All you need to know about Territory QR check-in codes

by | Nov 24, 2020 | COVID-19 | 0 comments

The NT’s COVID-19 contact tracing Quick Response (QR) app will be launched on Monday and will require Territorians to provide their basic information in venues they attend.

The Territory Check In app is the same platform used by the ACT which has been in use since early September. The technology is also similar to that used by NSW and other countries, including New Zealand and South Korea, The Australian reported.

“So, we’re doing it through the ACT Government, and the app that they’ve procured, so I think a third party designed that app, but all the privacy and other things have been covered by the ACT Government, so essentially we’re buying into their work,” Chief Minister Michael Gunner told ABC Darwin radio Tuesday morning.

The QR app check-in system allows contact tracers immediate access to information about who was in a venue at a specific time, speeding up the contact tracing process in the event of a positive COVID-19 case. Anyone who intends to stay for longer than 15 minutes needs to check-in.

Mr Gunner said venues required to start collecting visitor information won’t have to set up their own system, but they can use their own system.

“All venues that have a registered COVID-19 safety plan will be automatically registered for the Territory Check In app and will be sent their own QR code to be displayed from November 30,” he said in a statement.

The businesses identified in the chief health officer’s direction include restaurants, cafes, pubs and clubs, strip clubs, and “any place that sells admission to or provides services involving participation in sexual activity.”

The statement also said that all data collected will be stored by NT Health for 28 days and is not to be used for purposes other than contact tracing.

“There are a whole bunch of privacy things you need to sign off on all the way through for business and us as a government,” Mr Gunner told the ABC Darwin.

“We keep that data for, I think from memory it’s 28 days or two replication cycles, after that we don’t need it anymore. And it gets deleted.

“There’ll be privacy foremost in this, for example, data must be stored in Australia, it cannot be stored offshore, and it gets deleted after two replication cycles.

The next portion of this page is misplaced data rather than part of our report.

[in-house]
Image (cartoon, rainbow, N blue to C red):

“Territorians and visitors will only need to supply their personal details once upon registration for the app, and a member of a party can also check in friends and family who might not have their own device.

“Every participating venue will have a unique QR code and scanning the code will automatically register the date and time of the visit.”

New directives from chief health officer Dr Hugh Heggie will also be released on November 30.

The CHO will require establishments with COVID-19 safety plans to review their plans every six months and appoint a safety supervisor from every business establishment. Further information on this will be available in the coming days, according to the government’s statement.

Meanwhile, Mr Gunner said venues that already record the required visitor information did not need to implement a new system or change their current system.

The CHO has encouraged businesses to start collecting contact details before the start date on November 30.

Dr Heggie earlier suggested that QR codes could also be placed in or on houses to allow visitors to scan codes so they can be traced if there is a coronavirus outbreak.

But there was no mention by Mr Gunner of that in his media release.

The Territory Check In app is free to use and will be available via the Apple app store or Google Play to download and register from November 30.

“If you’re not paying for it, you become the product.”

A malware researcher at the international anti-virus firm Kaspersky Lab warns that QR code swiping could cause some security, and perhaps privacy, issues for unsuspecting users.

However, venues that use the government app will get around those concerns because people have to register with the app and the QR codes are generated inside the app, with the app only recognising its own codes.

But it could be different for businesses using regular QR codes.

“The QR code itself can link to malicious text messages or malicious websites,” malware researcher Tim Armstrong said.

“You can scan a barcode for a prompt to download an application, but you don’t know the source of the application.

“Compounding the potential for problems is the fact that a QR code is cheap and easy to create, making the field ripe for scammers who use them to create phishing attacks. Such codes don’t only appear in expensive advertising campaigns; they can be produced as stickers and adhered illicitly onto legitimate posters and placards.”

The NT Government hasn’t discussed how they will manage to check the legitimacy of all QR codes displayed at businesses.

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